Profile: Sarah Shackleton, Seraphim Space
The Drawdown (TDD): You were at DPI for 14 years, and joined Seraphim Space in March 2022, what prompted the move?
Sarah Shackleton (SS): I felt that I'd been at DPI a long time and when I was approached for the role at Seraphim, it was a really fantastic opportunity to join an industry leader in a transformative sector. I wanted to take on new challenges, get in at the ground floor and be integral in helping build the business.
Also, it has been fascinating to learn about the space industry; I had no idea how broad it is; I thought it was just satellites. But now I understand how many different companies, technologies, and products there are, and how they’re addressing lots of different problems the world is seeing today. Particularly around climate sustainability, security in general, and more specifically, food and cyber security.
When I left DPI, somebody said to me, “I always thought you were a frontier investor, but now you’ve actually gone to the final frontier.”
TDD: Seraphim recently created the COO role, how will you take advantage of having a clean slate?
SS: Previously, the partners were covering different aspects of the role, but it was taking valuable time away from their core focuses, and the firm was reaching a size where it needed somebody focused entirely on the back and middle office. As firms grow, these functions become increasingly vital because they need to be run efficiently, and in a way that encourages productivity, as well as to control risk. Risks can arise if you don’t really have your finger on the pulse of those parts of the business.
When you first come into an organisation, it's important not to completely try and change everything from day one; you have to understand what processes are in place already. Since joining, we've started implementing a portfolio monitoring system, where we gather all of our portfolio company data in one place on a consistent basis. There’s also an audit trail to make sure data is consistent, correct, and accurate. In turn this helps us streamline our reporting process. There’s a fair bit that’s manual, which is typical for an organisation that’s quite young.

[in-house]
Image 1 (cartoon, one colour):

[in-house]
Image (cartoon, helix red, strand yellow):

A key focus area has been ESG and other policy implementation. We’re working with consultants to develop an ESG due diligence tool. We’re hoping to collect a lot more ESG data, because that’s a key theme around space investing as well. We want to assist portfolio companies in developing new enhanced processes to reach their ESG objectives in their own operations and throughout their value and supply chains as well as highlight how our portfolio companies are mitigating the risks that are associated with delivering those impacts.
We're also looking to change our regulatory permissions to become a full scope firm, which will require a fair amount of compliance work.
TDD: Are there any other tech solutions you are looking to implement?
SS: Digitalisation is an area the whole industry is looking at. The tools around financial and data monitoring are becoming increasingly more sophisticated and fit for purpose in the alternative investment space.
In the future, I imagine we will be looking at expense tools, and ways to allocate costs to different cost centres, so that a manual process is not required to allocate those at the end of the month.